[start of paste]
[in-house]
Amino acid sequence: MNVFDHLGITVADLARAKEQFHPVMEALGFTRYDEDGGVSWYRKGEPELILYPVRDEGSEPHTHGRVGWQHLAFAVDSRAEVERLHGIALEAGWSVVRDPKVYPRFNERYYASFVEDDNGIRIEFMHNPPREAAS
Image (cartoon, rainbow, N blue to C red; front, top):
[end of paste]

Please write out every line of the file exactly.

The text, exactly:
[in-house]
Amino acid sequence: MNVFDHLGITVADLARAKEQFHPVMEALGFTRYDEDGGVSWYRKGEPELILYPVRDEGSEPHTHGRVGWQHLAFAVDSRAEVERLHGIALEAGWSVVRDPKVYPRFNERYYASFVEDDNGIRIEFMHNPPREAAS
Image (cartoon, rainbow, N blue to C red; front, top):